This is her first solo exhibition with the gallery, opening during London Gallery Weekend and scheduled to coincide with her Royal Academy of Arts commission, a large-scale sculptural environment in the Annenberg Courtyard at Burlington House from early June through the summer.
Over decades, Iglesias has evolved and developed a distinctive sculptural vocabulary that unites architecture, literature, and site-specific cultural influences in immersive built environments, autonomous sculptures, and wall works. She employs a formal language that brings the abstract together with the natural and the artificial, rendered in diverse materials that include metals, stone, ceramic, and concrete. From cunningly mechanized baroque structures to labyrinthine jalousies, tidal pools, and deep wells, she poetically redefines space by conflating interior and exterior to produce unexpected new sensory sites for the viewer.
The exhibition in London features works from the ongoing Entwined and Growth series, dense cyborg accumulations of foliage cast in aluminum and studded with cabochons of colored glass. The Entwined works of 2022 are mural reliefs spreading invasively across the gallery walls, while Growth I (2018) is a freestanding enclosure that rises from the ground, reaching skyward while leaning in on itself and the viewer standing within. Its rhizomatic forms twist and torque to constitute a densely textured, yet open structure. Aligned with the organic exuberance and grotesque theatricality of the Baroque imaginary, the effect is that of a primal sanctuary from the realm of science fiction, rendered in opulent detail.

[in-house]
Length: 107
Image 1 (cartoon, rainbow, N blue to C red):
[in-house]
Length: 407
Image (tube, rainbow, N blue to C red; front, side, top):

With the Pozo (Well) series (2011–), Iglesias moves beneath the surface with contained vessels inspired by grottoes, whirlpools, and springs. Her latest iteration, presented here for the first time, is a bronze cast whose baroque crags and contours seem to follow and contain the ebb and flow of water itself, emulating geological formation. It relates directly to her most recent monumental permanent public commissions, such as Inner Landscape (the lithosphere, the roots, the water) (2020) at the Museum of Fine Arts, Houston, and Hondalea (2021), an astonishing abyssal environment constructed within the walls of the lighthouse on the island of Santa Clara in San Sebastián, Spain, through which water cascades and eddies in intermittent cycles. With Hondalea, Iglesias invented a theatrical place in which the viewer can reflect on ecological power and precarity while being absorbed into the vertiginous depths and rhythms of tidal illusion.
Landscape and Memory, a site-specific sequence of Iglesias’s “phreatic zones,” will be on view in New York’s Madison Square Park from May 23 through December 4, 2022.